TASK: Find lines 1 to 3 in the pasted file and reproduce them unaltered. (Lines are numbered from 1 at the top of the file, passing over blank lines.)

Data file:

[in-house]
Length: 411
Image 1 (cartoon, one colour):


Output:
[in-house]
Length: 411
Image 1 (cartoon, one colour):